Re: ext2 on flash memory

From: JÃrn Engel
Date: Thu Jun 14 2007 - 16:43:00 EST

On Thu, 14 June 2007 22:17:14 +0200, DervishD wrote:
> * JÃrn Engel <joern@xxxxxxxxx> dixit:
> > So let us look at the problems and how they interact with filesystems.
> >
> > 1. Write overhead
> >
> > If a filesystem only writes a small amount of data, typically 512 or
> > 4096 bytes, smartmedia has to erase and write a full block. Most
> > flashes used in embedded systems has block sizes of 128KiB or so. Most
> > flashes used for smartmedia have 16KiB. Writing 16KiB when the
> > filesystem only requests writing 4KiB increases the wear 4x and reduces
> > performance 4x.
> But this is not easily addressable by ext2... or FAT. Even if you
> use 16KiB blocks in ext2, sometimes you will be writing only 512 bytes.
> And FAT will be even worse, I imagine, when using 512-byte blocks. Won't
> buffer cache (under Linux) alleviate this problem?

Sometimes writing 512 bytes is not a big problem. If 99% of the writes
are large, everything will be fine. But with a 32x increase from 512
byte writes, those really should be rare.

> > 2. Wear leveling
> >
> > Wear leveling happens implicitly by picking a different physical block
> > from the spares on each write. However, some blocks are never used. If
> > a physical block is mapped to a logical block that never gets written,
> > it is out of the rotation. Two seperate 1024-block areas have their
> > internal wear leveling each, but nothing is spreading high wear from one
> > area to another.
> I thought that wear leveling wasn't local to a group of blocks. This
> means that you can destroy a flash memory by writing to the same
> positions... which is a very common usage pattern.

That is correct. Noticing this will take a while, though. Even the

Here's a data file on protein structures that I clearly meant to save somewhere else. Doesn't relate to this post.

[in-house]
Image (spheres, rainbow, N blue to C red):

worst chips sold today seem to have a manufacturer guarantee of 10.000
erases per block. Across a 16MB area, that means you have to write
160GB of data to that one area before you enter the danger zone.
Significantly less with static data around, but still a lot.

And even when that happens, the chips doesn't suddenly explode on the
10.001st erase. Your chances of getting correctable or uncorrectable
errors will increase, though.

For the majority of use cases, such a behaviour is good enough. It
beats floppies hands down. You will never wear them out with your
digital camera or mp3 player. Using it instead of a hard disk in your
notebook may be a little risky, though.

> > 4. FAT requirement
> >
> > When I claimed there was nothing more to smartmedia, I was actually
> > lying. Smartmedia has the odd requirement that only FAT is supported as
> > a filesystem. In fact, the specifications describe FAT in great detail.
> Right, but I've seen many people using their pendrives with ext2
> with no problems (e.g. for SLAX). So, what do you mean by "supported"?
> If a filesystem can be used with the memory, do you mean that wear
> leveling and other characteristics of the flash memory are tailored for
> FAT? or do you mean you cannot use reliably (read: you will lose data)
> other filesystems?

It doesn't matter much what I mean. The question is how the
manufacturer of your device interpreted it. Most likely ext2 will work
just fine within the limitations I've outlined.

What changes is the failure mode. Floppies died from storing them in a
dark and cool place. Some were sold brand-new and dead. Disks die from
random, mostly mechanical, failures at a rate of 7% per years in a
Google setup. Flash usually dies from writing to it, the more you write
the faster it dies.

So as long as you rarely write, pick any filesystem you like. The
choice only matters when you write a lot.

> > a) Do wear leveling!
> >
> > Smartmedia wear leveling is limited to within areas. Any cross-device
> > wear leveling must be done by the filesystem. FAT does that fairly
> > well. The Ext family doesn't.
> Cross-device wear leveling? I don't understand, sorry O:)

Wear leveling across the whole device, not just one area.

> Thanks for your explanation, it has been very educational :)

No worries!


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